NEH, Delmas, and AHRC
Both the print and the electronic editions of the Carlyle Letters Project would not be possible without the generous support of the National Endowment for the Humanities (NEH). Special thanks are also due to the Gladys Krieble Delmas Foundation for its gracious contributions, which have made the April 2013 update of the CLO possible and have enabled the editors and the press to reach matching funds goals set by the NEH during five previous granting periods (2003–6, 2006–9, 2009–12, 2012–15, and 2015–18). A large debt of gratitude is also owed to the Arts and Humanities Research Council (AHRC) in the United Kingdom for its support of the Edinburgh editorial operation.
The editors also wish to express their grateful appreciation to Saint Joseph's University, in particular to Rev. C. Kevin Gillespie, S.J., President, and Dr. Brice Wachterhauser, Provost, for their generous contributions towards NEH matching funds requirements, and for their support of the work done by senior editor David R. Sorensen.
University of South Carolina
Sincere thanks are due to Thomas F. McNally, Dean of Libraries, and to David Lee Miller, director of the USC-Center for Digital Humanities, for their support of both the CLO migration and the Victorian Lives and Letters Consortium.
The Editors and the Librarians
Without the monumental efforts of the past and present editors of the Collected Letters, this electronic project would, of course, never have been conceived. In particular, the importance of Stephen A. Cohn and David R. Sorensen, the principal investigators for the NEH grants that continue to play an essential role in the funding of the project, cannot be overestimated. In addition, all of the editors involved with the Carlyle Letters Project have benefited from the unfailing kindness, assistance, and enthusiasm of a vast host of librarians, also without whom this project, both in print and in electronic form, would have been impossible. All of them are extended eternal thanks and gratitude.
Of the many remarkable aspects of this project, none is more remarkable than the intimate, integrated working relationship that develops among the various entities charged with achieving the launch of both versions of the CLO.
At the University of South Carolina Center for Digital Humanities: Colin Wilder, Co-Director; Rachel Mann, Digital Humanities Graduate Fellow; Travis Mullen, Senior Programmer; Eric Gonzalez, Programmer; Julia Strout, Programmer; George Clayton, Web Developer; and Collin Haines, Web Developer.
At Duke University Press: Rebekah Kati, Digital Publishing Technologist; Mike Brondoli, Journals Production Manager; Kelly Andrus, Lead Designer; Sue Hall, Art Director; David Southern, Managing Editor.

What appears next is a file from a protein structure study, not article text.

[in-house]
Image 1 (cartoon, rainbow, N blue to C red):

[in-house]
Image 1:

The teams assembled during the creation of the first version of CLO continue to deserve both recognition and profound thanks for their efforts in bringing the CLO to life.
At Duke University Press: Donna Blagdan, Michael Brondoli, Mandy Dailey-Berman, Jocelyn Dawson, Steve Grathwohl, Leslie Grignolo, Sue Hall, Debra Kaufman, Cason Lynley, Jeff Mahorney, Chris Mazzara, Carolyn Siefken, and, as always, David Southern, whose service to the Carlyle Letters Project as managing editor is nonpareil.
At HighWire Press: Anh Bui, Rachel Cordray, Jesse Gathering, Julie Noblitt, Nick Nunes, Diana Oestreich, Greg Schwartz, Ann Van, Alan Wen, and Pam Wilson.
At MethodFuel: Susanne Crihfield, Ian Joyce, and Michael Teague.
As always, the coordinating editor remains exceptionally grateful to all of the colleagues, friends, and students who have assisted him with various tasks at various times over the last several years, especially to Mary Adams, Mary Ann Gobble, and Lindsey Peterson, but also to Lauren Dorminey, Rod Franco, Sarah M. Hanson, Kirsten Huscusson, Philip Kowalski, Robert Martinez, Travis Mullen, Terrence Muzzell, Elizabeth Nissly, Ian Oakes, Christian Rogers, Thomas Rogers, Christine Shia, Taylor Sledge, Marie Stephens, Jennifer Veilleux, Heather Williams, Bobby Willover, Sarah Wolfe, and Kelsey Woodburn.
Paolo Mangiafico of Perkins Library at Duke University will always deserve a special chapter in the history of the CLO for his vital assistance in the crucial early stages of development.
For more comprehensive recognition of the multitude of people who have contributed to the Collected Letters and to the CLO, please see the sections entitled “Acknowledgments” available in the CLO through the table of contents pages of the volumes.